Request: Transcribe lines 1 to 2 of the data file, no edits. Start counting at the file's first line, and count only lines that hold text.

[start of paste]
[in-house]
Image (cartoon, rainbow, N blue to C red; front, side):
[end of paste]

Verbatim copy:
[in-house]
Image (cartoon, rainbow, N blue to C red; front, side):